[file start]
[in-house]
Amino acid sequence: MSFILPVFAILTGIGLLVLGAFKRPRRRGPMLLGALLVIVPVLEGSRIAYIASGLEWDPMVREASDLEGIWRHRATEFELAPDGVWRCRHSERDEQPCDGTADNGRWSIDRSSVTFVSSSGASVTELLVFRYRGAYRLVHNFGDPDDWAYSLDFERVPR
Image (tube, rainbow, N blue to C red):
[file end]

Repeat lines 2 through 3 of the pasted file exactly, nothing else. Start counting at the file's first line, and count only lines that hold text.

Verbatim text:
Amino acid sequence: MSFILPVFAILTGIGLLVLGAFKRPRRRGPMLLGALLVIVPVLEGSRIAYIASGLEWDPMVREASDLEGIWRHRATEFELAPDGVWRCRHSERDEQPCDGTADNGRWSIDRSSVTFVSSSGASVTELLVFRYRGAYRLVHNFGDPDDWAYSLDFERVPR
Image (tube, rainbow, N blue to C red):